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European Biopharmaceutical Review

Non-Viral Gene Delivery Methods

The last decade has seen substantial progress in the development and application of non-viral vectors in gene therapy. Infectious disease, genetic defects and even traumatic injury may someday be treated with gene therapy and gene transfer strategies. The potential impact of this new technology on human disease has produced optimism and expectation for scientists and lay people alike. As more effort is directed at developing the potential of this technology, it has become evident that the success or failure of gene therapeutic approaches will centre on the ability to manipulate and control the process of genetic transfer into somatic cells.


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By Dr Günter Kraus, Vice President of Research and Development at amaxa GmbH Dr Günter Kraus is Vice President of Research and Development at amaxa GmbH, a German biotechnology company based in Cologne. Prior to joining the company in 2002, he spent 12 years at two academic institutions in the USA, where he was a Principal Investigator into DNA-based HIV vaccines, and received a prestigious amfAR award and a Susan G. Komen Foundation breast cancer research award. Günter holds a PhD in Microbiology from the JohannWolfgang-Goethe University, Germany and wrote his thesis on infectious diseases at the Paul-Ehrlich Institute.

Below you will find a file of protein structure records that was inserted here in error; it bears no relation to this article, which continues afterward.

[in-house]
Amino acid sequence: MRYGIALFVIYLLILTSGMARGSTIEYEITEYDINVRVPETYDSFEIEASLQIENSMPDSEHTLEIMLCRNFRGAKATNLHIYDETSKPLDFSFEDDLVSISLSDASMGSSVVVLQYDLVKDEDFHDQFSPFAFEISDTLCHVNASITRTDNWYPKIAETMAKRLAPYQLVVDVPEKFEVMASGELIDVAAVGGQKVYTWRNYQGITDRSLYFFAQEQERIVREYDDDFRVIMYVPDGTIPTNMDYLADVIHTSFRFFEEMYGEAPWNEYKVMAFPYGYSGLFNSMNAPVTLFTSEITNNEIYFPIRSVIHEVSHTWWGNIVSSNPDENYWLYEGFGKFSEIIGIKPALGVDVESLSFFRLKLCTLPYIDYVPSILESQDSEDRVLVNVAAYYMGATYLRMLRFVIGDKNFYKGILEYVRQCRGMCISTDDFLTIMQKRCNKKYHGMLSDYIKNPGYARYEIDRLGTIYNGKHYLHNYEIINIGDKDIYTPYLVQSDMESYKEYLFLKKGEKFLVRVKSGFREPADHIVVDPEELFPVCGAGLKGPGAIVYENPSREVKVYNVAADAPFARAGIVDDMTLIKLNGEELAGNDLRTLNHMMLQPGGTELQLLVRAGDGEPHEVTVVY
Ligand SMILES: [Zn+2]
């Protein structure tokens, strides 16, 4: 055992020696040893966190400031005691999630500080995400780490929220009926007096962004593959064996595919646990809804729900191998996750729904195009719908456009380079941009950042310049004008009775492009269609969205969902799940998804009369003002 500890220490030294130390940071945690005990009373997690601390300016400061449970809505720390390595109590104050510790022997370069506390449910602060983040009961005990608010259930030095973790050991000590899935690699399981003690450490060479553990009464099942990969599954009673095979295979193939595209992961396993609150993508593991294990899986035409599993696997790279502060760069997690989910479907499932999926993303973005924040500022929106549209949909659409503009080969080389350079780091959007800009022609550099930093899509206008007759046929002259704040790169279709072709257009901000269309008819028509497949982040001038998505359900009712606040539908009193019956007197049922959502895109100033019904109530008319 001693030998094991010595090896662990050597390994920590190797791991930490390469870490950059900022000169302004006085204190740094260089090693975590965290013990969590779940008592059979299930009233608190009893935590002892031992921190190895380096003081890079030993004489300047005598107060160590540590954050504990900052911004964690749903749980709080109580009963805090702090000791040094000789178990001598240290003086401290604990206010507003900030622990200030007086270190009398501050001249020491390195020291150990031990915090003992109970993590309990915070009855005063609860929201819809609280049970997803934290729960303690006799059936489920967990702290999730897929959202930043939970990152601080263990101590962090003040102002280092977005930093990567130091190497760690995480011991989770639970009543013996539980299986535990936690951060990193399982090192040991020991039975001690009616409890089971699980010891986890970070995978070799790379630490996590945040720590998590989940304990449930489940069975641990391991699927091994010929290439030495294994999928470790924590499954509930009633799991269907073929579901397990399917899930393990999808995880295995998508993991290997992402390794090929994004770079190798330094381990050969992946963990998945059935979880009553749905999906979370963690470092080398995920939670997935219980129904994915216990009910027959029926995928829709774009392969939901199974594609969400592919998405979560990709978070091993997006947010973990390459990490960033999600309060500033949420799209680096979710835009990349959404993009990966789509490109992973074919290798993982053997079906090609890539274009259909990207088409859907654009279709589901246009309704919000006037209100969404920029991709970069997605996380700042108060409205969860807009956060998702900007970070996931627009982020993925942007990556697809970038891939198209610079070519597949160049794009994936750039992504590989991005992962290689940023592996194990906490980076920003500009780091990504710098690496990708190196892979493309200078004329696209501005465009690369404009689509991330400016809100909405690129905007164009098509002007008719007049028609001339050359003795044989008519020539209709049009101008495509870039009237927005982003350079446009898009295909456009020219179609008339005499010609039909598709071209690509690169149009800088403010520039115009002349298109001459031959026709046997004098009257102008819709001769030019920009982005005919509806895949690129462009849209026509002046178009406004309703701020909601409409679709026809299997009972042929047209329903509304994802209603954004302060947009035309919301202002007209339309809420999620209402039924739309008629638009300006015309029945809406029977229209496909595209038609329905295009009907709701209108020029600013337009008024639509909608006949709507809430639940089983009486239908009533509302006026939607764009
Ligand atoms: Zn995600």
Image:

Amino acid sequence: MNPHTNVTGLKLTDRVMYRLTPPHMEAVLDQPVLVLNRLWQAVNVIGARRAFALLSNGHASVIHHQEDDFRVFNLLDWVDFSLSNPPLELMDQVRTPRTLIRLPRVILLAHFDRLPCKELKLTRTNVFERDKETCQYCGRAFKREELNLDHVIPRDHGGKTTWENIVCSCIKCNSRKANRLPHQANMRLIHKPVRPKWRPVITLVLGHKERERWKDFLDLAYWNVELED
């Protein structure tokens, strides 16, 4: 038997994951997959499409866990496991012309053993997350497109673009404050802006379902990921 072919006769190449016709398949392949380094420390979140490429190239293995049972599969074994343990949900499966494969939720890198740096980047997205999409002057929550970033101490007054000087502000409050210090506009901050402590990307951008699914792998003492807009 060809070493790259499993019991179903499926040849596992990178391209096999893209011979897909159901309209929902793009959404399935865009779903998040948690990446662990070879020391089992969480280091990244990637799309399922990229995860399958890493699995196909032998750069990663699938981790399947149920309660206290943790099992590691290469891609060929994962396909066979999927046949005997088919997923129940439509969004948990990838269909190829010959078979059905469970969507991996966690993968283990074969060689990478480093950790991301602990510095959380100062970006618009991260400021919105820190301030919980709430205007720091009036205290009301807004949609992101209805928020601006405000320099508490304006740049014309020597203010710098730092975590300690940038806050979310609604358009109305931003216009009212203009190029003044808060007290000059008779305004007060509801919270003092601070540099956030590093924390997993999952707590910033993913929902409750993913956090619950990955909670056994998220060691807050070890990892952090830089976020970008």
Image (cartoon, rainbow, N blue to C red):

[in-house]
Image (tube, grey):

He has extensive knowledge of the development of viral and non-viral gene delivery systems and in the field of gene therapy. He has also co-authored numerous research articles in peer reviewed scientific journals and several US-issued patents.

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Dr Günter Kraus
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